Global climate teleconnections and rain causing fires

Climatic patterns that can shape weather over thousands of kilometres can impact synchronising droughts and fuelling fires worldwide. According to Spanish scientists, these patterns, known as climate teleconnections, usually occur as repeated phases that affect wind, temperature and precipitation across multiple continents. Places where droughts occur simultaneously or over several months, include the western and mid-western United States, the Amazon, the eastern slopes of the Andes, South Africa, the Arabian deserts, southern Europe and Scandinavia. However, one of the best-known climate teleconnections is the El Niño-Southern Oscillation or ENSO. Experts say their research can help in weather forecasting and in cooperating to combat droughts and fires.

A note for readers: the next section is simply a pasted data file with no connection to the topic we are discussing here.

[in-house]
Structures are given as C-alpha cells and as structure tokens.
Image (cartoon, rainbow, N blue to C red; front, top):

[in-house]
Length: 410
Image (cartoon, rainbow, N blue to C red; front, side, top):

In California, it is not only droughts that contribute to fires. Heavy rains also play a part – adequate fuel is waiting to germinate in the soggy soils that now cover California. Grasses and other fast-growing vegetation, stimulated by torrential downpours, will soon turn to firewood as it warms up. Thunderstorms and strong winds also increase fire risk – damaging fire roads, uprooting trees and breaking branches, and creating potential fire outbreaks in high-risk areas. Such weather also prevents the use of controlled fires to burn excess fuel and build a healthier, more resilient forest environment.

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